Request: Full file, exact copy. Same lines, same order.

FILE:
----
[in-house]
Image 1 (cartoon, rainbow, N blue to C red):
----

[in-house]
Image 1 (cartoon, rainbow, N blue to C red):